Levine also appeared as a patriarch whose family takes a turn for the worse in the remake of The Hills Have Eyes (2006), the film is one of the better remakes of the last decade. In 2007, he portrayed local Sheriff James Timberlake in The Assasination of Jesse James by the Coward Robert Ford and appeared in Ridley Scott’s American Gangster, alongside Denzel Washington and Russell Crowe. Most recently, he was cast as the warden of the island prison in Martin Scorsese’s Shutter Island, starring Leonardo DiCaprio.
Levine has also provided the voice of the supervillain Sinestro in Superman: The Animated Series, Justice League and Justice League Unlimited.
Two fantastic new Dark Knight Rises covers from the UK Empire magazine… the Catwoman one is AWESOME.
Check out this new featurette that spotlights the director of the film, Ridley Scott. The clip, has some new footage, as well as interviews with the cast and crew about Scott’s vision and what to expect from the film once it hits theatres. Also included are soundbites from the director himself expressing his intentions to give the audience bad dreams and “scare the living shit out of [them]”. Courtesy of Fox Malaysia.
In addition to doing films in the United Kingdom, Lee did movies in Mainland Europe: he appeared in Count Dracula, where he again played the vampire count, The Torture Chamber of Dr. Sadism, Castle of the Living Dead and Horror Express.
Since the mid 1970s, Lee has eschewed horror roles almost entirely. Ian Fleming, author of the James Bond spy novels and Lee’s stepcousin, had offered him the role of Dr No in the first official Bond film. Lee accepted, but the producers had already cast the role. In 1974, Lee finally got to play a James Bond villain when he was cast as the deadly assassin Francisco Scaramanga in The Man with the Golden Gun.
In 1982, Lee appeared in The Return of Captain Invincible. In this film, Lee plays a fascist who plans to rid America (and afterwards, the world) of all non-whites. Lee sings on two tracks in the film (“Name Your Poison” and “Mister Midnight”), written by Richard O’Brien (who had written The Rocky Horror Picture Show seven years previously) and Richard Hartley.
In 1985, he appeared in Howling II: Stirba – Werewolf Bitch. In 1998, Lee starred in the role of Muhammad Al Jinnah, founder of modern Pakistan, in the film Jinnah. While talking about his favourite role in film at a press conference, he declared that his role in Jinnah was by far his best performance.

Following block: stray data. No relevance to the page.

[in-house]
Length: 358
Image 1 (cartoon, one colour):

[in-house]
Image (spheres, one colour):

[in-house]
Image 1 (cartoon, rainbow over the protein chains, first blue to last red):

Lee played Saruman in the The Lord of the Rings film trilogy. In the commentary, he states he had a decades-long dream to play Gandalf but that he was now too old and his physical limitations prevented his being considered. The role of Saruman, by contrast, required no horseback riding and much less fighting. Lee had met Tolkien once (making him the only person inThe Lord of the Rings film trilogy to have done so) and makes a habit of reading the novels at least once a year. Lee’s appearance in the third film was cut from the theatrical release. However, the scene was reinstated in the extended edition.
The Lord of the Rings marked the beginning of a major career revival that continued in Star Wars Episode II: Attack of the Clones (2002) and Star Wars Episode III: Revenge of the Sith (2005), in which he played Count Dooku. His autobiography states that he did much of the swordplay himself, though a double was required for the more vigorous footwork.
Lee has also become a regular in many of Tim Burton’s films, five times since 1999. He had a small role as the Burgomaster in the film Sleepy Hollow (1999), Lee then went on to voice the character of Pastor Galswells in Corpse Bride (2005), and play a small role in the Burton’s reimagining of the Roald Dahl tale Charlie and the Chocolate Factory (2005). His part was cut from Sweeney Todd: The Demon Barber of Fleet Street (2007). He voiced the Jabberwocky in Burton’s adaptation of Lewis Carroll’s classic book Alice in Wonderland (2010). In 2012, Lee marked his fifth collaboration with Tim Burton by appearing in his film adaptation of the gothic soap opera Dark Shadows.